Shinsedai Cinema Festival – End of the Night Review (Kirk Haviland)

Shinsedai Film Festival 2012 (Toronto)

End of the Night

Starring Kuniaki Nakamura, Nami Komiyama, Masayuki Shionoya

Written and Directed by Daisuke Miyazaki

When it came time for Daisuke Miyazaki to make his directorial debut, after directing second unit for director Kiyoshi Kurosawa’s Tokyo Sonata, he decided to look to the past. Inspired by the rich history of yakuza/hit man films from Japan, especially the works of the great Takeshi Kitano, Miyazaki has created a hit man saga of his own.

Hit man Tamegoro (Shionoya) is sent to kill a young couple. After performing the deed Tamegoro discovers a young baby in a crib. After calling his mother, Tamegoro decides to bring the baby home and raise him as his own. We flash forward to the now teenaged Akira out on his first assignment with his “father” Tamegoro in which they are assigned to take out a family, much like his own, who have a daughter whose eventual death becomes a fixation for him. Ten years later Akira (Nakamura) is a fully accomplished hit man, living the solitary life most hit men do, Tamegoro has retired to run a comforter shop but still sets up all of Akira’s contracts (along with those of his “brothers”). But one day Akira encounters someone who will change the course of his destiny forever, the grown up version of Yukine (Komiyama), a girl who he thought his father had killed 10 years ago. Just as fascinated as he was ten years prior, Akira sets out to help Yukine, to his own detriment, which causes a familial rift and has professional consequences.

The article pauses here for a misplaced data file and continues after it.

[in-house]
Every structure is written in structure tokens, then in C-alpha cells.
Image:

Miyazaki has crafted an extremely successful little noir film filled with homages to films from the past, both Japanese and Hollywood alike. Nakamura’s performance is engaging and accomplished as Akira. He brings a stoic calm to the character with an underlying sense of danger and volatility that constantly keeps him aware and on edge. The rest of the performances here are strong as well, especially Shionoya’s Tamegoro as the father figure with a special relationship with his own mother. As a first feature Miyazaki delivers an extremely accomplished piece of cinema, his future is indeed bright.

End of the Night was the runner up for the Best Film Audience award for Shinsedai, a very deserving recipient if you ask me. End of the Night is a definite recommend, try to catch up with it as it continues its festival run across the globe.

Till Next Time,

Movie Junkie TO

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